Connor Syme looks to break through British Amateur medalist curse after winning stroke play

Connor Syme's 6-under 136 earned him medalist honors by two shots at the British Amateur.

Connor Syme looks to break through British Amateur medalist curse after winning stroke play

Amateur

Connor Syme looks to break through British Amateur medalist curse after winning stroke play

PORTHCAWL, Wales – Scotland’s Connor Syme will hope to defy the British Amateur curse and win his opening match tomorrow at Royal Porthcawl. Syme topped the 36-hole qualifying and enters the match play stages as the top seed.

Eighteen players in 32 years who led or shared the lead in British Amateur qualifying since it was introduced in 1983 have lost their first match. Syme will want to emulate Philip Parkin (1983), Warren Bladon (1996) and Matteo Manassero (2009). They all won after taking medalist honors.

The 21-year-old returned a 3-under-par 68 at Pyle & Kenfig to go with a similar score at Royal Porthcawl yesterday. His 6-under 136 was two shots better than countryman Alasdair McDougall. France’s Antoine Rozner and Harry Hall of England shared third place on 140.

“The goal at the start of the week is to try and make the top 64, and the further up the leaderboard you go is a bonus,” Syme said. “I felt really comfortable in what I was doing today – a bogey-free round, which was nice in tough conditions, so I’m delighted.”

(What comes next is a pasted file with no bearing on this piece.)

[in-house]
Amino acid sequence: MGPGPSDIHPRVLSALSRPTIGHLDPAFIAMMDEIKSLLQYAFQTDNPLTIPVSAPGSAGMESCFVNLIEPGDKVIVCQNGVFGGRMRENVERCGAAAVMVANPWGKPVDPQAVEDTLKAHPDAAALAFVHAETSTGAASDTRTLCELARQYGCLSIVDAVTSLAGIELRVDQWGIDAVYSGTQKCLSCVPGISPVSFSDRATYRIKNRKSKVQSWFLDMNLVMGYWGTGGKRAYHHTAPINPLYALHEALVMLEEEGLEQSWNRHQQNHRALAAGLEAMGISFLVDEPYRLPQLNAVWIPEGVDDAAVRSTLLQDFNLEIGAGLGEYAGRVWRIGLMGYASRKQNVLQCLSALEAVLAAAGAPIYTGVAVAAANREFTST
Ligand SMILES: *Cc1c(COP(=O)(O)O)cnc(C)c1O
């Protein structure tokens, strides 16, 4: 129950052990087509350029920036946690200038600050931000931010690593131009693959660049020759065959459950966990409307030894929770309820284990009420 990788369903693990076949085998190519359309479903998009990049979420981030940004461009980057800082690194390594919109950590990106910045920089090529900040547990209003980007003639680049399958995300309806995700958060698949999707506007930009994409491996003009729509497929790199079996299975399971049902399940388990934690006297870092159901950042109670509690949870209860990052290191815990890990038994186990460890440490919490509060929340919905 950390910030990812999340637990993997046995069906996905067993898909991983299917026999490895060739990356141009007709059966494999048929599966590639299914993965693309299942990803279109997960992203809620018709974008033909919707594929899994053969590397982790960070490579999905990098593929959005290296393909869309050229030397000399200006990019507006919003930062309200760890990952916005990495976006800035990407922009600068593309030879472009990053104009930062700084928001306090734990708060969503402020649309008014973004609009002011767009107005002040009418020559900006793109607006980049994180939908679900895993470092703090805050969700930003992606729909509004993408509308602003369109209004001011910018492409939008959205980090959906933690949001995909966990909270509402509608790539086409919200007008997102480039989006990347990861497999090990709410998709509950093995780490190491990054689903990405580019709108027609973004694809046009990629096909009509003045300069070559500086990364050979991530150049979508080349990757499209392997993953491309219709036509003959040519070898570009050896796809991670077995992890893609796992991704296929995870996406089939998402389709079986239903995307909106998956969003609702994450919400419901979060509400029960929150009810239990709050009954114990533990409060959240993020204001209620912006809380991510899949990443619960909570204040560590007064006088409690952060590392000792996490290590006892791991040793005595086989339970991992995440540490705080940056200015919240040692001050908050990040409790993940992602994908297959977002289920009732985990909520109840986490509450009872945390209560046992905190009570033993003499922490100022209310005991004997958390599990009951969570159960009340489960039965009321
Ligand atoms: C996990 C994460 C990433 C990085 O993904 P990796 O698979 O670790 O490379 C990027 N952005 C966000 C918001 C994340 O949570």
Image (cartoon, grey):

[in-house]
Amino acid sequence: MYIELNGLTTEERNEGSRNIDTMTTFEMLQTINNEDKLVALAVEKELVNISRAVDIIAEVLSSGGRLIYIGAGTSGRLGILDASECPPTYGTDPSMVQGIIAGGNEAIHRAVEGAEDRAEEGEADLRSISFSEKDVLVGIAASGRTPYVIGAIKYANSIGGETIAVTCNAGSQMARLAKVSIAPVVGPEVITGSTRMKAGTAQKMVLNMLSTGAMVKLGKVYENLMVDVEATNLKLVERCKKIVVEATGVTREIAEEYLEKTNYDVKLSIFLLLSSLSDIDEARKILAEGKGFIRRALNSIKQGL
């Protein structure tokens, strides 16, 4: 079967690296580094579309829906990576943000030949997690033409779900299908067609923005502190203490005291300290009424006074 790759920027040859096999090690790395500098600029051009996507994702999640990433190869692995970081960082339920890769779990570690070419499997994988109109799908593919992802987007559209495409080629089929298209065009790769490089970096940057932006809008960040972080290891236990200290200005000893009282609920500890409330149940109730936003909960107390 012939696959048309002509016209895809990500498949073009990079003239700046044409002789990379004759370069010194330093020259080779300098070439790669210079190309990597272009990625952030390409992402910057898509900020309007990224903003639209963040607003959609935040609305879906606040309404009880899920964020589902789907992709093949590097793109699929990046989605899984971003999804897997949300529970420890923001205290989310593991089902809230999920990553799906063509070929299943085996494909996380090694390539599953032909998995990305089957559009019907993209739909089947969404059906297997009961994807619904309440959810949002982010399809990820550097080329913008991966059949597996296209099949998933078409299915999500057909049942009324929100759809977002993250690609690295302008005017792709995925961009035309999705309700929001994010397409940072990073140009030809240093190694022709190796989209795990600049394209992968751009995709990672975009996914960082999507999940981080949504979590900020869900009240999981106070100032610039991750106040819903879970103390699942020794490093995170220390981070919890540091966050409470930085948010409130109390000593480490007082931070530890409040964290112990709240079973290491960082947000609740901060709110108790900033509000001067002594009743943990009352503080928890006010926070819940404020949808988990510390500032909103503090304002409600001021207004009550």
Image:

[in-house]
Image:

Syme has form in this championship. He reached the semifinals at Royal Portrush two years ago, but lost to fellow Scot and eventual winner Bradley Neil.

“I’ve had good success going into the match play before. I was the semifinalist in 2014 in The Amateur, and so I kind of draw from that. I won the Australian Amateur in January, which was a match-play event as well and I feel pretty comfortable in match play – the head-to-head environment.”

Rozner is hoping to follow in the footsteps of last year’s winner Romain Langasque and make it back-to-back French wins. He also has form.

“I feel good,” he said. “I love match play and I know what I have to do to win a match. I made it to the quarterfinal last year, and I won (The French Amateur) the last two years, so I know what you have to do to be competitive in these matches. I will do my best on every shot and we’ll see!”

All three members of last year’s victorious Great Britain & Ireland Walker Cup team in the draw qualified. Scots Ewen Ferguson and last year’s runner-up Grant Forrest both shot 144, 2 over. Ireland’s Jack Hume, the highest ranked player at No. 10 on the World Amateur Golf Ranking, was two shots worse on 146.

None of the 11 Americans in the field qualified. Mike McCoy, a member of last year’s U.S. Walker Cup team, came closest. He returned a 6-over 148 total to miss the cut by a stroke.

Jake Fendt, a rising sophomore at Kennesaw State, got a harsh introduction to links golf. The Suwanee, Ga., native opened with a 1-under 70 at Kyle & Penfig but went 20 shots worse at Royal Porthcawl with a 90.

Eighty players qualified for the match play stages with scores of 147, 5 over, or better.

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